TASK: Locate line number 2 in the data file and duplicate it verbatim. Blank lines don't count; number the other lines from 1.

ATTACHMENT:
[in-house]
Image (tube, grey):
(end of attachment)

Image (tube, grey):